The Griffin Poetry Prize is one of the most prestigious literary awards in the world and annually grants two standout poets with $50, 000. This year’s Griffin Poetry Prize Anthology features selections from the winning texts– Charles Wright’s Scar Tissue (U.S.) and Don McKay’s Strike/Slip (Canada)–as well as from five other international and Canadian finalists. Selections from the international shortlist include poems from Paul Farley’s Tramp in Flames (England), Rodney Jones’s Salvation Blues (U.S.), and Frederick Seidel’s Ooga- Booga (U.S.). In her preface to the anthology, editor Karen Solie answers the banal but oftasked question “is poetry dead?” with a vertiginous “no.” Poets, Solie contends, continue to challenge, innovate and inspire, as evidenced by the surge of submissions that she adjudicated in 2007. Informed by philosophy, science, landscape, wit and song, the selected poems share a contemporary concern with the fragility of language, perception and time. In “The Silent Generation II,” Wright asks: “Garrulous, word-haunted, senescent,/ Who knew we had so much to say, or tongue to say it?/ The wind, I guess, who’s heard it before, and crumples our pages” (42). Scar Tissue opens the world–our elusive “landing zone” (46)–to its readers, to an “understory” of journey and cadence in which naming and nostalgia need not equal defeat.
Language here names the instability of being, even as it fails to capture what “just is” (48). Curiously, I found the poems from the Canadian shortlist–Ken Babstock’s Airstream Land Yacht and Priscila Uppal’s Ontological Necessities–most engaging. Like Wright’s work, theirs share a concern with the chasm between description and reality, yet they feel more forgiving, more compassionate. In “Explanatory Gap,” Babstock meditates on the advent of neoliberal ennui: “We can’t know what things mean/ in the place/ where they’re meant, or know what’s meant by place/ with no map in our head/ Say hello to coordinates- ordinates-ordnance, and a ground rodent/ sniffing the spruce air under a daytime moon./ There’ll be a sign here soon” (61).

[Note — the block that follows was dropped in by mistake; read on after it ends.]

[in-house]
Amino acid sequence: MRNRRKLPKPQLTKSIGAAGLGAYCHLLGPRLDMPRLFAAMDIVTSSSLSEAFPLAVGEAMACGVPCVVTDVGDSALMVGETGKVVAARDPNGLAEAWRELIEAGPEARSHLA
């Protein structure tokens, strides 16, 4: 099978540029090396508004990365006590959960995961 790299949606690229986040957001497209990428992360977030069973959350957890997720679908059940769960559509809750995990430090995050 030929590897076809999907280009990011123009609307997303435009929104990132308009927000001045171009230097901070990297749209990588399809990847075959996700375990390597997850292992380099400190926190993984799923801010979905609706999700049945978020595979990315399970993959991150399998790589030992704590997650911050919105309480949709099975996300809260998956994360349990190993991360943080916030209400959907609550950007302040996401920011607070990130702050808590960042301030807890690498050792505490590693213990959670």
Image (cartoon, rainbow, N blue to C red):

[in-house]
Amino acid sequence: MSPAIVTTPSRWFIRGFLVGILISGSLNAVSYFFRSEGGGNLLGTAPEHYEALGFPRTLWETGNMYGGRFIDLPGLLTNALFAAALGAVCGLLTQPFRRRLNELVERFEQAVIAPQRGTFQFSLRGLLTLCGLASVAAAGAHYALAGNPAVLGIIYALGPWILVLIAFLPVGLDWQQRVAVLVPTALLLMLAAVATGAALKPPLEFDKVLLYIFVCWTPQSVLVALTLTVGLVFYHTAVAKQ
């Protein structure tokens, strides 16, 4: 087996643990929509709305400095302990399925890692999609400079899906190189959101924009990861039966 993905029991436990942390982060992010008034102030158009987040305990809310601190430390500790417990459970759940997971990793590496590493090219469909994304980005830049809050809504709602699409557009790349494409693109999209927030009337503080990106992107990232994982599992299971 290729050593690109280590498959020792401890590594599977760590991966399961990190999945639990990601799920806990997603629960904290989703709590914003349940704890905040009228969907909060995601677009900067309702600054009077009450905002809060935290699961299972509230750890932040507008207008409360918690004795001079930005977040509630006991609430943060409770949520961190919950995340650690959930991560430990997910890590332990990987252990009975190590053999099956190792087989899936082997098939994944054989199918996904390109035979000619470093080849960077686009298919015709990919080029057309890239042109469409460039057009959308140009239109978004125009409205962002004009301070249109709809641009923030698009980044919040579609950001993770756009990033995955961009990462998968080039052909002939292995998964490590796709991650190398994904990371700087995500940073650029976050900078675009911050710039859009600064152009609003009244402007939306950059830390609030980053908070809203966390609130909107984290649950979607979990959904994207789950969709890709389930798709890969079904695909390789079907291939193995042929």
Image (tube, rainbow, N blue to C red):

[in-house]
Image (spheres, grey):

Like Babstock, McKay’s attention to sound is particularly impressive; his poems hum off page, force us to listen to quiet moments and flickers of “after-echoes” (74)–to the “broken prose of the bush roads,” to the “pauseless syntax” of earthly transmutations (67)–with the same attention we accord to our daily inhabitations. Uppal’s poems are surprisingly irreverent in their tackling of identity’s violent scrawl, of the darkness that haunts us all, of futility in the face of death and hope in the face of political indifference. In the title poem of her Ontological Necessities, Uppal intones, “Stem cells grow off my neighbour’s balcony, fall into my tea./ Cancer paid my tuition/ The galaxy yawns and pops pills./ Dear Self,/ How am I to know You are still alive?/ Test me, you reply” (81). The poems collected here do just that: test us, map out moaning streams of recognition, unite. My only complaints are that, formally, the anthology is tame–there are few stylistic surprises here–and that the validity of the selection process for this international poetry prize is called into question by the fact that the finalists are all American, Canadian and British. (Erin Gray)
Poetry, 104 pgs, edited by Karen Solie, $16.95, House of Anansi Press, 110 Spadina Ave., Suite 801, Toronto, ON, M5V 2K4, anansi.ca